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Fibrillogenic oligomers of human cystatin C are formed by propagated domain swapping.

Wahlbom, Maria LU ; Wang, Xin LU ; Lindström, Veronica LU ; Carlemalm, Eric LU ; Jaskolski, Mariusz and Grubb, Anders LU (2007) In Journal of Biological Chemistry 282(25). p.18318-18326
Abstract
Cystatin C and the prion protein have been shown to form dimers via three-dimensional domain swapping, and this process has also been hypothesized to be involved in amyloidogenesis. Production of oligomers of other amyloidogenic proteins has been reported to precede fibril formation, suggesting oligomers as intermediates in fibrillogenesis. A variant of cystatin C, with a Leu(68)-> Gln substitution, is highly amyloidogenic, and carriers of this mutation suffer from massive cerebral amyloidosis leading to brain hemorrhage and death in early adulthood. This work describes doughnut-shaped oligomers formed by wild type and L68Q cystatin C upon incubation of the monomeric proteins. Purified oligomers of cystatin C are shown to fibrillize... (More)
Cystatin C and the prion protein have been shown to form dimers via three-dimensional domain swapping, and this process has also been hypothesized to be involved in amyloidogenesis. Production of oligomers of other amyloidogenic proteins has been reported to precede fibril formation, suggesting oligomers as intermediates in fibrillogenesis. A variant of cystatin C, with a Leu(68)-> Gln substitution, is highly amyloidogenic, and carriers of this mutation suffer from massive cerebral amyloidosis leading to brain hemorrhage and death in early adulthood. This work describes doughnut-shaped oligomers formed by wild type and L68Q cystatin C upon incubation of the monomeric proteins. Purified oligomers of cystatin C are shown to fibrillize faster and at a lower concentration than the monomeric protein, indicating a role of the oligomers as fibril-assembly intermediates. Moreover, the present work demonstrates that three-dimensional domain swapping is involved in the formation of the oligomers, because variants of monomeric cystatin C, stabilized against three-dimensional domain swapping by engineered disulfide bonds, do not produce oligomers upon incubation under non-reducing conditions. Redox experiments using wild type and stabilized cystatin C strongly suggest that the oligomers, and thus probably the fibrils as well, are formed by propagated domain swapping rather than by assembly of domain-swapped cystatin C dimers. (Less)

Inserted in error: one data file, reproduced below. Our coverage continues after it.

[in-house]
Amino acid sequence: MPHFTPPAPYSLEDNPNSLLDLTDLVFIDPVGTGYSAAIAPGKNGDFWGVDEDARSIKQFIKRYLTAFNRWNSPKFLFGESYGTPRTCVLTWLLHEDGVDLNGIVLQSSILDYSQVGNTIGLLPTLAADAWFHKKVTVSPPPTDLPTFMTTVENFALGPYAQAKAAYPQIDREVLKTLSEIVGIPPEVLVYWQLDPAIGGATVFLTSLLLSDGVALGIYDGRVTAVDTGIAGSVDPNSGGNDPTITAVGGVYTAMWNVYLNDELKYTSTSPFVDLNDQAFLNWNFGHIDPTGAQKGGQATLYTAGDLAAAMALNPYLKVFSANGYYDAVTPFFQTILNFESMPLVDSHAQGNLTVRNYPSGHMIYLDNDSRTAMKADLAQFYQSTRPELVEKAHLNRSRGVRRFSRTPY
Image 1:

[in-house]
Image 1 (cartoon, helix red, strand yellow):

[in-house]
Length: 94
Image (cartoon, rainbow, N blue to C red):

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author
organization
publishing date
type
Contribution to journal
publication status
published
subject
in
Journal of Biological Chemistry
volume
282
issue
25
pages
18318 - 18326
publisher
ASBMB
external identifiers
  • wos:000247302000038
  • scopus:34547111066
ISSN
1083-351X
DOI
10.1074/jbc.M611368200
language
English
LU publication?
yes
id
2fbfb770-a5bf-45a6-ba6a-aad23f4a115d (old id 168514)
alternative location
http://www.ncbi.nlm.nih.gov/entrez/query.fcgi?cmd=Retrieve&db=PubMed&list_uids=17470433&dopt=Abstract
date added to LUP
2007-07-06 10:05:55
date last changed
2017-07-30 03:46:20
@article{2fbfb770-a5bf-45a6-ba6a-aad23f4a115d,
  abstract     = {Cystatin C and the prion protein have been shown to form dimers via three-dimensional domain swapping, and this process has also been hypothesized to be involved in amyloidogenesis. Production of oligomers of other amyloidogenic proteins has been reported to precede fibril formation, suggesting oligomers as intermediates in fibrillogenesis. A variant of cystatin C, with a Leu(68)-> Gln substitution, is highly amyloidogenic, and carriers of this mutation suffer from massive cerebral amyloidosis leading to brain hemorrhage and death in early adulthood. This work describes doughnut-shaped oligomers formed by wild type and L68Q cystatin C upon incubation of the monomeric proteins. Purified oligomers of cystatin C are shown to fibrillize faster and at a lower concentration than the monomeric protein, indicating a role of the oligomers as fibril-assembly intermediates. Moreover, the present work demonstrates that three-dimensional domain swapping is involved in the formation of the oligomers, because variants of monomeric cystatin C, stabilized against three-dimensional domain swapping by engineered disulfide bonds, do not produce oligomers upon incubation under non-reducing conditions. Redox experiments using wild type and stabilized cystatin C strongly suggest that the oligomers, and thus probably the fibrils as well, are formed by propagated domain swapping rather than by assembly of domain-swapped cystatin C dimers.},
  author       = {Wahlbom, Maria and Wang, Xin and Lindström, Veronica and Carlemalm, Eric and Jaskolski, Mariusz and Grubb, Anders},
  issn         = {1083-351X},
  language     = {eng},
  number       = {25},
  pages        = {18318--18326},
  publisher    = {ASBMB},
  series       = {Journal of Biological Chemistry},
  title        = {Fibrillogenic oligomers of human cystatin C are formed by propagated domain swapping.},
  url          = {http://dx.doi.org/10.1074/jbc.M611368200},
  volume       = {282},
  year         = {2007},
}